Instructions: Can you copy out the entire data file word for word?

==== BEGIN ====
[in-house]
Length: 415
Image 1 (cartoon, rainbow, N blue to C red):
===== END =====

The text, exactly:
[in-house]
Length: 415
Image 1 (cartoon, rainbow, N blue to C red):